Soccer, similarly to other team sports, presents itself as a dynamic system, where there is a relationship of competition between the teams and the cooperation of the members of the same team (Bar-Yam, 2003; Kalinowski et al., 2019). This modality is characterized as a complex system, in which the organization occurs at several levels. Teams are considered subsystems, which have their own subsystems, for example, defenders, midfielders, and attackers. These groups, in turn, are constituted by other subsystems, which are the players (McGarry et al., 2002). The structures or organization in a soccer match may be analysed in a general way, as well as element-by-element. Moreover, systems with so many elements interacting dynamically must be analysed from a dynamic system perspective (Grehaigne et al., 1997). However, analyses of individual behaviours may represent the behaviour of the group as a whole, and elucidate how players influence and are influenced by the entire dynamic system they belong to (Glazier, 2010).
Registering the position information of players as a function of time during official matches or training sessions allows for the analysis of physical performance of players (Barros et al., 2007), as well as tactical aspects of the sport (Moura et al., 2012, 2013). The individual and collective tactical behaviours during matches can be registered and, by using mathematical tools, quantitative analyses of game may be performed (Yue et al., 2008). The players’ behaviour can be analysed through the interaction between two players, labelled as a dyad (Araújo et al., 2014). A dyad can be defined as a pair of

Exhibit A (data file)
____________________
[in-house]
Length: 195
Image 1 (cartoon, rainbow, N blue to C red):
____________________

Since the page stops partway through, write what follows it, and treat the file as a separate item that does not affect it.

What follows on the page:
elements that have something that connects them and these elements are analysed as a unit. This approach has already been used in soccer to evaluate the relationship between teammates (Folgado et al., 2014). Other researchers highlight the relevance of the analysis of interactions between opposing players, in which it is possible to obtain important information regarding the performance of the teams (Araújo et al., 2015; Travassos et al., 2013).